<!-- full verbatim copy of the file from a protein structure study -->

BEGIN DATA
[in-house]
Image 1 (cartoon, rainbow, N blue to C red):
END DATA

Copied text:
[in-house]
Image 1 (cartoon, rainbow, N blue to C red):